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Ontario Grain Farmer Magazine is the flagship publication of Grain Farmers of Ontario and a source of information for our province’s grain farmers. 

FSA 3.0 – strengthening sustainability



THE SUSTAINABLE AGRICULTURE Initiative (SAI) Platform is a food and drink industry initiative that supports the development of sustainable agriculture worldwide. The initiative is truly a member-driven, member-run organization focused on advancing agricultural sustainability collaboratively.


In 2002, the SAI Platform was founded when Group Danone, Nestle, and Unilever came together to work together on sustainable agriculture outcomes within their supply chains. Today, the SAI Platform has continued to grow its membership, now with over 150 members around the world. Beyond the original founding members, others include Kellogg’s, PepsiCo, Ingredion, Starbucks, and McCain’s.

Since its inception, SAI Platform has remained committed to the original mandate, which facilitates sharing at a precompetitive level to support the sustainable development of agricultural supply chains. This is unique as it is the only global food industry initiative for sustainable agriculture seeking involvement from all food chain stakeholders willing to play a role in sustainable agriculture.

Grain Farmers of Ontario has been an affiliate member of the SAI Platform since 2013, which has allowed our organization to share, communicate, and work together on sustainability with food and drink companies.


Through the SAI Platform, the Farm Sustainability Assessment (FSA) has been developed as a way for farmers to assess their sustainability to meet some of the requirements set forth by supply chains. The FSA is a questionnaire based on sustainable farming practices recognized in the food and drink industry, covering environmental, economic, and social aspects.

The questionnaire was developed by SAI Platform members with suppliers, farmers, and external stakeholders to ensure it met the needs of the supply chain. The FSA is made up of questions that consist of three levels: essential, basic, and advanced. Essential questions are straightforward in the sense they deal with general practices (eg. crop protection product safety). Basic level questions examine the fundamentals of sustainable practices (eg. soil erosion). Advanced questions go above and beyond the fundamentals of sustainable practices (eg. biodiversity). A farmer would go through the complete FSA to assess how they comply.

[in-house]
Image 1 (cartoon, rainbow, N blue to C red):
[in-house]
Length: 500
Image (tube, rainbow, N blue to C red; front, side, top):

In Ontario, there are currently farmers participating in SAI Platform’s FSA to meet end-user demands both domestically and internationally for corn and soybeans. There are also farmers across Canada participating in the FSA for a variety of crops including barley, blueberries, sugar beets, apples, and cranberries.

To maintain rigour and ensure compliance, assurance may be necessary to meet the sustainability demands set by the marketplace. In Canada, the accredited Canadian auditing body is through Seeds Canada, formerly through the Canadian Seed Institute. Seeds Canada staff administer a range of verifications and audits throughout the agricultural sector including for sustainability and the FSA. Today, there are farmers across Canada who have had a verification style audit completed on the farm to ensure compliance to the FSA.


The FSA was created in 2014. Since then it has become a recognized and trusted toolset for food and drink companies, processors, and farmers to advance agricultural sustainability. While the SAI Platform has had more than 100,000 farms participate in the FSA, the organization developed a policy to ensure the effectiveness and relevance of the FSA Programme into the future.

Like many things, as time moves on things become outdated. In 2018, SAI Platform decided to update the FSA to meet current sustainability needs but also look to the future of sustainability needs. In April 2021, SAI Platform officially launched FSA version 3.0 to better reflect the latest industry consensus on sustainable agriculture.

The development of FSA 3.0 focused on further strengthening the FSA’s ability to drive relevant and demonstrable continuous improvement of on-farm social, environmental and business performance through supply chain collaboration and fostering a common understanding of sustainable crop agriculture.

Keeping with the mantra of being member-driven, member-run, the new version of the FSA was driven by members through consultations, working groups, and stakeholder interviews. Throughout the three-year process, all SAI Platform members were invited to help shape and provide perspective on the next version of the FSA. Over 40 SAI Platform members directly participated, and hundreds of people played a role in the refinement and development of this new version.

Grain Farmers of Ontario had direct involvement in the FSA Guidance Committee helping to provide a farmer voice throughout the process and advocating on behalf of farmers locally but also internationally.

Within the new FSA, a new online FSA Priority Screening Tool was built to help farm groups gain valuable insights into relevant sustainability challenges such as weather extremes, biodiversity decline, and labour issues. Farm groups are also offered extra guidance in developing, implementing, and monitoring a performance improvement plan with a new Continuous Improvement Module.

All these added pieces build off the success of previous versions of the FSA. Fundamentally, the FSA hasn’t significantly changed but rather been refined to meet the sustainability challenges of today but also the future.

This article features insights from Grain Farmers of Ontario’s Market Development department.

Michael Buttenham is the environment and sustainability lead for Grain Farmers of Ontario.


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